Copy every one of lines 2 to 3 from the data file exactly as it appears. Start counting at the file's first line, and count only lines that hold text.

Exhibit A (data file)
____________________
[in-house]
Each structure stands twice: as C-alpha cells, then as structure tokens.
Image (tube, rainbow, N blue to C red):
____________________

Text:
Each structure stands twice: as C-alpha cells, then as structure tokens.
Image (tube, rainbow, N blue to C red):